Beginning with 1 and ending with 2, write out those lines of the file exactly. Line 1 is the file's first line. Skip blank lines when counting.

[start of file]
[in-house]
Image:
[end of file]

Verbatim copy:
[in-house]
Image: